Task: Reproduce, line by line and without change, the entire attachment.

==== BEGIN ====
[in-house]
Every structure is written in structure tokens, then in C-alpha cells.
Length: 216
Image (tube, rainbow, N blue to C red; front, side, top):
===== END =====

[in-house]
Every structure is written in structure tokens, then in C-alpha cells.
Length: 216
Image (tube, rainbow, N blue to C red; front, side, top):